Coronado Mayor Richard Bailey Calls for the Reopening of “Nonessential” Businesses

Written by Nicholas Vetrisek

As the coronavirus pandemic drags on, “nonessential” businesses have been forced to close their doors. The shutdowns have largely decimated the local, state, and national economies. In addition, they are causing small businesses to struggle mightily to make ends meet and may cause many of them to fold. 

Last week, Coronado Mayor Richard Bailey provided his thoughts on the matter, expressing his support for the reopening of local businesses. In the piece, he told the story of a toy store owner in San Diego who received a visit from law enforcement because he was still doing business despite being “nonessential.”

“Although operating a toy store did not meet the state’s definition of an ‘essential’ job, it was still an essential job to him. During the past several weeks, over 22 million people lost their jobs as tens of thousands of businesses were forced to shut down,” Bailey wrote. “Even if these jobs did not meet the state’s definition of ‘essential,’ each one of the 22 million jobs lost so far were essential to someone. Each one of those jobs helped keep a roof over an employee’s head and food on the table for an employee’s family.”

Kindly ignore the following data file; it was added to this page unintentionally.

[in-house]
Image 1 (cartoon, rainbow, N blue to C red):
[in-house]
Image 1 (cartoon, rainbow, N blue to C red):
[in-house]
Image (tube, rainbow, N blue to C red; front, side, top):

In addition, he mentioned how large corporations are given immunity while small businesses are criminalized despite often doing the exact same thing.

“Why are big box retailers allowed to operate with hundreds of customers and employees at a time, but small mom and pop stores are shut down? Why is Amazon allowed to deliver the exact same puzzle as the local toy store sells, but the toy store is banned from making the same delivery?”

Mayor Bailey has openly called for decriminalization of simply doing business, and allowing every business to operate under the same rules. His sentiment is being echoed more and more recently, as small business owners across the county and the nation are having their lives turned upside down by the forced closures. How many more jobs, businesses, and livelihoods must be sacrificed before we recognize that this is both unsustainable and unacceptable?


Photo by Jernej Furman via Flickr